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Multi-Cultural Marketing Draws a Crowd

07-07-2010
MulticulturalWeb

USF multicultural marketing students try a tasty treat at a Bay Area Mi Pueblo grocery store, which specializes in popular items among Latinos.

 

With 103 million Asian American, African American, and Hispanic American consumers driving $2.3 trillion worth of America’s $10 trillion consumer market, interest in the University of San Francisco School of Business and Professional Studies’ multi-cultural marketing courses has ballooned.

Enrollment has tripled since USF began offering courses in multi-cultural marketing in fall 2008. Led by business professors Mandy Ortiz – one of only about a dozen Latina marketing professors with doctorates in the country – Ricardo Villarreal, Sweta Thota, and Sonja Poole, the popular program has grown fast enough that a separate multi-cultural marketing concentration is slated to launch this fall.

“The concentration focuses on reaching specific subgroups in the U.S. – Asians Americans, African Americans, and Hispanics Americans – who are not currently being adequately addressed by the general marketing media,” Ortiz said.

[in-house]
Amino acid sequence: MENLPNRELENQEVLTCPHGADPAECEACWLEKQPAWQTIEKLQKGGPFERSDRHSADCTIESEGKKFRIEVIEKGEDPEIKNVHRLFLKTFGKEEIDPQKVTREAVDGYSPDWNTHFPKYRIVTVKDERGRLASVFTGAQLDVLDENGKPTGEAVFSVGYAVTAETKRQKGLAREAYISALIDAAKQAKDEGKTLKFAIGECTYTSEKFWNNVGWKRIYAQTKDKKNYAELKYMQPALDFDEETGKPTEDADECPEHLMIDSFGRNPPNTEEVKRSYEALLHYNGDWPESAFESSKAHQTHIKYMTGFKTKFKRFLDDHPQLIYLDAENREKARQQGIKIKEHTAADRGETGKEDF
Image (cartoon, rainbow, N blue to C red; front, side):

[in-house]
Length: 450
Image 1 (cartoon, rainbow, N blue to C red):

The program of courses, six in all, goes beyond demographics, consumption behavior, and psychographics – all areas covered in most marketing programs – to incorporate country of origin practices, generational differences, history, values, traditions, norms, media preferences, and, importantly, language.

Drawing on USF’s long tradition of cultural engagement and its location in one of America’s most demographically diverse cities the multi-cultural marketing program will teach students how to address the rapidly emerging needs of consumers and corporations in understanding, targeting, and marketing to the growing number of multi-cultural consumers in California and beyond.

Ashley Romero, a USF junior double majoring in marketing and international business, recently signed up for the multi-cultural concentration after learning of the upcoming launch.

“Different subcultures relate and respond better to products that they can understand,” said Romero, explaining her interest in the multi-cultural concentration. “Therefore, marketers must be able to ‘speak’ the language of the culture, meaning they must be able to fully understand what is important to them, what attracts them, and what offends them.”

Romero is one of about 40 students already signed up for the multi-cultural marketing course for the fall.

Written by Edward Carpenter »usfnews@usfca.edu